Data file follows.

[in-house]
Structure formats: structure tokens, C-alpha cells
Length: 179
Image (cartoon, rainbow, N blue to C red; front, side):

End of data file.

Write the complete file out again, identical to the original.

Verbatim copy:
[in-house]
Structure formats: structure tokens, C-alpha cells
Length: 179
Image (cartoon, rainbow, N blue to C red; front, side):